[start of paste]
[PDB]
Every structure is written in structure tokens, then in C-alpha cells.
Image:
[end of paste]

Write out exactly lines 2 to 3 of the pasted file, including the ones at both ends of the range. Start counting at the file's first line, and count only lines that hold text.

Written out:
Every structure is written in structure tokens, then in C-alpha cells.
Image: